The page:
Just So We’re Clear ….

Science and WarSo … you know, not to belabor the point. But I just want to be clear, here: I said it’s important. Here, look at the weird colored stripes. Click on them to find out what they mean. Or maybe a hint:

Neil deGrass Tyson recently noted that the 2008 bank bailout was larger than the total 50 history of NASA’s budget. Inspired by that comparison, I decided to look at general science spending relative to the defense budget. How do we prioritize our tax dollars?

And remember, NASA is one of the few government agencies that routinely does its job correctly. Strangely, another is the National Institutes of Health. Actually, one might reasonably complain that their budget is low, but it does creep upward. And there is always discussion to be had about how far is too far, but come on. NASA knows very nearly exactly where to look for life in this Universe. They have a couple places in mind and know within about a thousand miles where to look. And given what might actually be there, they won’t need the thousand. They might need only ten. And the difference between getting there and landing, or just flying around in circles, taking ever-finer photos? Is it worth it?

Is it worth it to know?

Enceladus Unveiled

Enceladus and friendsInertia.

Never mind.

Let us start, then, with something a little more recent, since there is much to see.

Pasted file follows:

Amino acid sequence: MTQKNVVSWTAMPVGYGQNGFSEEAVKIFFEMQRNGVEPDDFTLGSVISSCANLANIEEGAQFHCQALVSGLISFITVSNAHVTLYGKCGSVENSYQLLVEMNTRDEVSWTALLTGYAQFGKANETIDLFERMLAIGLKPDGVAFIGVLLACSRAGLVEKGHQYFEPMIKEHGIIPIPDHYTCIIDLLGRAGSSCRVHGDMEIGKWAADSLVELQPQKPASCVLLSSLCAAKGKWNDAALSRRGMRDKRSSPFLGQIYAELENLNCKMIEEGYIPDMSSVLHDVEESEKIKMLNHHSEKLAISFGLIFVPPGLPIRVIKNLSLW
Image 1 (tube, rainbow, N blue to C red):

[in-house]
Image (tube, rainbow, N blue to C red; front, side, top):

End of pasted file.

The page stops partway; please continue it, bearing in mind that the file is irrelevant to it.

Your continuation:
Enceladus, perhaps our favorite celestial body in the solar system.

And, ah, Cassini!

The intensity of the jets of water ice and organic particles that shoot out from Saturn’s moon Enceladus depends on the moon’s proximity to the ringed planet, according to data obtained by NASA’s Cassini spacecraft.

The finding adds to evidence that a liquid water reservoir or ocean lurks under the icy surface of the moon. This is the first clear observation the bright plume emanating from Enceladus’ south pole varies predictably. The findings are detailed in a scientific paper in this week’s edition of Nature.

“The jets of Enceladus apparently work like adjustable garden hose nozzles,” said Matt Hedman, the paper’s lead author and a Cassini team scientist based at Cornell University in Ithaca, N.Y. “The nozzles are almost closed when Enceladus is closer to Saturn and are most open when the moon is farthest away. We think this has to do with how Saturn squeezes and releases the moon with its gravity.”

Cassini, which has been orbiting Saturn since 2004, discovered the jets that form the plume in 2005. The water ice and organic particles spray out from several narrow fissures nicknamed “tiger stripes.”

“The way the jets react so responsively to changing stresses on Enceladus suggests they have their origins in a large body of liquid water,” said Christophe Sotin, a co-author and Cassini team member at NASA’s Jet Propulsion Laboratory in Pasadena, Calif. “Liquid water was key to the development of life on Earth, so these discoveries whet the appetite to know whether life exists everywhere water is present.”

Just a reminder: NASA is an example of a government agency doing its job; that’s why congresses and presidents alike prefer to cut its budget.

No, really, click that link; it’s important.